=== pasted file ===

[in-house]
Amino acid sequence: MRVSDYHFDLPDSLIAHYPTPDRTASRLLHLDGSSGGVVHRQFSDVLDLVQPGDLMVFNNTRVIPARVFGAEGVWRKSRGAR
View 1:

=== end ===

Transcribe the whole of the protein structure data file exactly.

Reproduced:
[in-house]
Amino acid sequence: MRVSDYHFDLPDSLIAHYPTPDRTASRLLHLDGSSGGVVHRQFSDVLDLVQPGDLMVFNNTRVIPARVFGAEGVWRKSRGAR
View 1: